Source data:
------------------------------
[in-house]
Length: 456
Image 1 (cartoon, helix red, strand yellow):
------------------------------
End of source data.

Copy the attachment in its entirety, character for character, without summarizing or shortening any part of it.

[in-house]
Length: 456
Image 1 (cartoon, helix red, strand yellow):